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Atomic Paramagnetism

  1. May 5, 2010 #1
    Hey everyone,

    I've noticed that when paramagnetism is derived in the context of stat mech, we only consider the energy levels of the perturbation. Essentially, we take the fine structure of hydrogen, and we perturb it with a B-field, causing the weak zeeman effect to split the energy levels into m_j sublevels.

    When we derive the partition function, we only take into account these levels. So, we weight the energies with bolzmann factors based on m_j.

    My question is why don't we have to consider the n,j level distribtions. The energy levels in hydrogen as split by large gaps for various orbital quantum number n; yet, our partition function only accounts for the splitting of the j'th level into m_j sublevels. I've seen these derived many times, so I'm really not understanding why we don't consider the entire energy spectrum, and can only focus on the m_j sublevels.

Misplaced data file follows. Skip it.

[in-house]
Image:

Anyway help would be great.
  2. jcsd
  3. May 5, 2010 #2
    Actually, I think I may have a convincing argument for myself; however, if anyone still has anything to add, I'd of course still appreciate it.
  4. May 5, 2010 #3
    I would guess the reason is that you're only interested in the low temperature magnetism, in which case you have the large splitting [tex]\Delta >> kT[/tex] so the effects of those excitations won't be apparent at the temperature scale you're interested in.
  5. May 5, 2010 #4
    compared with the energy caused by n and j, the energy split caused by m_j is very small. In the partition function, the former one can be treated as a constant: exp(-E(n,j)/kT). However, the key of partition function is the energy distribution probability. If added a constant in front of this probability means nothing, due to normalize.
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